clock menu more-arrow no yes

Filed under:

A bold dish for your dad on his day

When it comes to food, dads are different. That means cooking for them shouldn't always be the same. Especially on Father's Day.

Men are happiest at the table when the portions are big and the flavors are bold, says Don Mauer, author of a new cookbook, "A Guy's Guide to Great Eating" (Houghton Mifflin, $17). That's easy enough, but what if we don't want to end up with a bunch of fat daddies?Mauer has that covered, too. After losing 105 pounds himself, Mauer concentrates on healthful eating. The subtitle of his book is "Big-flavored, fat-reduced recipes for men who love to eat," and in most of the recipes in the book, 30 percent or less of the calories come from fat.

"When you cut out the fat, you automatically cut out a lot of the flavor," Mauer says. "To compensate, you have to find other ways to boost the flavor."

The fastest way to do that, Mauer says, is to use lots of freshly ground pepper (Mauer keeps three pepper mills by his stove) and to use fresh herbs, fresh jalapeno peppers and spicy salsas.

And when you're cooking with Dad in mind, you can't give him half a cup of spaghetti and expect a satisfied man.

"Please," Mauer says. "A man is going to look at you like you're crazy and say, 'That's dinner?' "

We've adapted Mauer's recipe for Southwestern Linguine with Shrimp just slightly to fit our Desperation style.

SOUTHWESTERN LINGUINE WITH SHRIMP

8 ounces linguine

2 tablespoons olive oil

1 small onion, (for 1/2 cup chopped)

1 red bell pepper

5 jalapeno peppers

2 tablespoons bottled minced garlic

1 lime

1/2 cup dry white wine

1/3 cup fresh parsley leaves

2 tablespoons fresh cilantro leaves

1/2 teaspoon salt

1 pound medium shrimp, already shelled and deveined

1/4 cup fresh-grated Parmesan cheese

Tabasco sauce, for passing at the table, optional

Bring 2 1/2 quarts of unsalted water to a boil in a 4 1/2 quart Dutch oven or soup pot. When the water boils, add the noodles and cook until just tender, 10 to 11 minutes.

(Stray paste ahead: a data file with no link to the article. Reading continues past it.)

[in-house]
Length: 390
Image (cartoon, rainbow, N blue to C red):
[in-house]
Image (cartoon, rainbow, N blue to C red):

While the linguine cooks, heat the olive oil in an extra-deep, 12-inch nonstick skillet over medium heat. Peel and coarsely chop the onion, adding it to the skillet as you chop.

Seed and rinse the bell pepper and coarsely chop. Add it to the skillet. Wearing rubber gloves, cut the jalapeno peppers in half and remove the seeds. Thinly slice the jalapeno peppers into crescent slices and add them to the skillet. Add the garlic.

Squeeze the juice from the lime and add it to the skillet. Add the wine. Chop the parsley and cilantro, and add them to the skillet. Add the salt. Add the shrimp, and cook until they are just opaque, about 3 minutes, stirring from time to time. (If the shrimp are done before the linguine has finished cooking, remove the skillet from the heat.)

Drain the linguine and add it to the skillet. Stir and toss to coat the noodles well with sauce. (Or you can toss the noodles and sauce in a large serving bowl.) Serve immediately, topping each serving with 1 tablespoon Parmesan cheese. Pass the Tabasco sauce at the table, if desired. Serves 4.

Approximate Values Per Serving: 449 calories (22 percent from fat), 11 g fat (2.5 g saturated), 166 mg cholesterol, 29 g protein, 53 g carbohydrates, 4 g dietary fiber, 602 mg sodium.

Beverly Mills is a former food editor of the Miami Herald food section and a mother of two; Alicia Ross, a food columnist for The Raleigh News and Observer, also has two children. They have been living the desperate life for the past seven years. Their new cookbook, "Desperation Dinners!" is now available from Workman Publishing. Send desperate tales of woe or everyday success stories and your favorite quick recipes to Desperation Dinners, c/o United Media, 200 Madison Ave., New York, NY 10016; or e-mail: ddinners@aol.com. (C) United Feature Syndicate Inc.